Step 3: Off We Go
(not off the track hopefully)

Once you have signed in, and listened carefully to the safety briefing, then you are ready to go.

At the start of the day everyone is desperate to get out there so there can be a lot of traffic.

NEVER try and start the day like a bat out of hell, laying down a marker to all the other drivers that you are king of the road. Take it easy, learn the track, shake down your car, see what other cars are out there, and who is potentially very fast (so you can keep an eye on your mirrors).

Remember ITS NOT A RACE. in the UK Track Days do NOT allow overtaking under braking (i.e into a bend) or at a corner.

ALL overtaking must be done by consent on the straights between corners. If someone is faster than you. and its a good chance many people will be REGARDLESS of their car, when you enter the next straight, pull aside from the racing line, (each track will specify which "side" you must overtake on.. so pay attention in the briefing) and indicate to them that they can pass, with a little lift of the accelerator if required as your car might actually be more powerful and quicker on the straights.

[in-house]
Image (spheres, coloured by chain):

Its a common problem for powerful cars to think they are "dominating" the day, because every time a straight arrives they can plant the throttle and shoot off into the distance. What they often fail to realise is that as they crawl around the bends or brake 200 metres before everyone else, they are creating a convoy of very frustrated drivers behind them! DON'T BE THAT PERSON!